This article published by Defense News provides a comprehensive look at the capacity of our country’s shipyards including HII’s Ingalls Shipbuilding division. Lawmakers are arguing that a predictable demand signal gives shipyards the long-term certainty they need to hire and retain workers while ensuring supply chain stability at lower costs.
“Strong American shipyards are indispensable to U.S. military might,” Wicker told Defense News in a statement. “Congress must invest in workforce development, yard capabilities and advanced equipment to build a formidable fleet capable of deterring China and projecting global power.”
“We need to provide our industrial base with the stability they need to invest and retain a skilled workforce,” Rogers, the new House Armed Services chairman, told Defense News in a statement. “Tools like block buys and multiyear procurement will help provide the predictability necessary to boost our industrial base.”
A portion of the article is below, or visit Defense News to read the full article.
Key lawmakers flex new positions to bolster shipbuilding industry
By Bryant Harris
The 800-acre yard employs more than 11,000 workers and provides most of the Navy’s surface combatants. The staffers had come to see some of those programs, like the Arleigh Burke-class destroyer and the San Antonio-class amphibious transport dock.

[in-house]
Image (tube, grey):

It was part of a Gulf Coast tour of sorts.
A staff delegation also visited the smaller Bollinger Shipyards business in Pascagoula, where the company will construct the Coast Guard’s next polar security cutter.
Later that same week, the chairman of the House Readiness Subcommittee, Rep. Mike Waltz, R-Fla., traveled to see the Panama City, Florida, yard where Eastern Shipbuilding is constructing the Coast Guard’s next offshore patrol cutter. Though Eastern Shipbuilding is not in Waltz’s district, he met with the yard’s president before filming an interview with Fox News’ Sean Hannity and then flying back to Washington.
Another group of House staffers traveled to Mobile, Alabama, that week to call on Austal USA’s yard, which is preparing to construct modules for the Virginia- and Columbia-class submarines.
The flurry of trips shows Capitol Hill’s intensified attention to shipbuilding, with several lawmakers from the Gulf Coast and other shipbuilding states assuming key leadership positions on congressional defense committees. They have made clear they want to maximize ship production and repair lines, and some have proposed spending billions of dollars to upgrade shipyard infrastructure. They also want to expand the workforce and continue to approve multiyear, multi-ship procurement contracts.
And they’re now in position to help make that happen.
Those lawmakers include Waltz, as well as Mississippi Sen. Roger Wicker, who became the top Republican on the Senate Armed Services Committee in January, and Alabama Rep. Mike Rogers, who assumed leadership of the House Armed Services Committee after Republicans won control of the lower chamber last year.
You can read the full article at Defense News.